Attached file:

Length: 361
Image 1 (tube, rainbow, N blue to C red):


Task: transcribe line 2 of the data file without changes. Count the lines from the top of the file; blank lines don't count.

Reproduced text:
Image 1 (tube, rainbow, N blue to C red):